Dr Sujoy Sinha Roy- 23 April 2018

Bio: Sujoy Sinha Roy is currently a post-doctoral researcher in the Computer Security and Industrial Cryptography group (COSIC) in the Department of Electrical Engineering, Katholieke Universiteit Leuven, Belgium. He received the M.S degree in computer science and engineering from the Indian Institute of Technology Kharagpur, and the Ph.D. degree in electrical engineering from the Katholieke Universiteit Leuven, Belgium. His research area has been broadly in the field of efficient implementation of public key cryptography.

Talk abstract: 

A month ago Google established a landmark in quantum computing by announcing a 72-qubit quantum computer. Quantum computing certainly has the potential to improve our life by performing tasks that are not feasible using today’s computers, such as discovering new drugs and building molecular structures; but it also threatens the existing information security infrastructure. Shor’s algorithm running on a powerful quantum computer can break RSA and elliptic-curve-based cryptographic schemes, which are considered as the two pillars of our present-day public-key infrastructure. The state-of-the-art IBM quantum computer is not powerful enough to break the present-day public-key infrastructure, but the giant leap forecasts, that there might be a powerful quantum computer in the future that will break both schemes. Post-quantum cryptography is a branch of cryptography that focuses on designing schemes that are secure against quantum computing attacks. In recent years, several hard problems from lattice theory have become popular for constructing post-quantum public-key cryptographic schemes. Beside post-quantum cryptography, lattice-problems have been used to construct homomorphic encryption schemes. Homomorphic encryption has applications in privacy-preserving cloud computing: users can upload their encrypted data in the cloud and can still perform computation on the encrypted data. While in theory, lattice-based cryptography offers wide applicability, computational efficiency, and strong security, its real deployment in a wide variety of computing devices and applications faces several challenges. My research is aimed at solving the fundamental problem of implementing cryptography based on hard problems in lattices in hardware and software and on next-generation computing platforms.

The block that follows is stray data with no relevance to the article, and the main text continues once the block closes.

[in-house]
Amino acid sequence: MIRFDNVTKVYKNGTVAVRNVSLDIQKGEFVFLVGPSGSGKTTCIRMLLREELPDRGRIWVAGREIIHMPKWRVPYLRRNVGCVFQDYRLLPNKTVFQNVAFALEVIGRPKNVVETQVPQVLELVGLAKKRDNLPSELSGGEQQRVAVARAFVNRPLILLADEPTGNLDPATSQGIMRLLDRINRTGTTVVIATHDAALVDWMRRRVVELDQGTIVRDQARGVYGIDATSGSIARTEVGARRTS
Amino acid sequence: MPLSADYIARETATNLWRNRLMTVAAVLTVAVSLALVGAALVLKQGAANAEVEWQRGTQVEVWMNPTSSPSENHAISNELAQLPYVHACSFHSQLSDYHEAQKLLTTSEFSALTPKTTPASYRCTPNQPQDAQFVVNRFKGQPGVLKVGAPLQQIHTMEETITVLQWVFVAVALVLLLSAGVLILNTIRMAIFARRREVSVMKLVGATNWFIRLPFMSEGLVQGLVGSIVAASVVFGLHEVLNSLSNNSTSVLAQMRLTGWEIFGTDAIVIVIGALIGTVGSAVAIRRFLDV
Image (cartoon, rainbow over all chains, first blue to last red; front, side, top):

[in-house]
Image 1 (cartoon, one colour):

In this presentation I will talk about implementation aspects of ring Learning with Errors (ring-LWE) based cryptography. Ring-LWE is a hard problem in lattices. Cryptographic schemes based on the ring-LWE problem perform arithmetic operations in a polynomial ring and require sampling from a discrete Gaussian distribution. I will describe how we designed a lightweight discrete Gaussian sampler based on the Knuth-Yao random walk algorithm. The sampler satisfies a negligible statistical distance to the accurate distribution. For efficient polynomial multiplication, I will show how we used number theoretic transform and performed computational and architectural optimizations to achieve high throughput. From these building blocks, we designed a compact public-key encryption architecture. Next, I will show how we designed countermeasures to protect sensitive information from physical attacks. Physical attacks are a class of attacks that try to break security by observing the physical properties (such as power consumption, electromagnetic radiation etc.) of the computing device. In the end of this presentation, I will briefly describe our experience in designing hardware accelerators for ring-LWE-based homomorphic encryption schemes.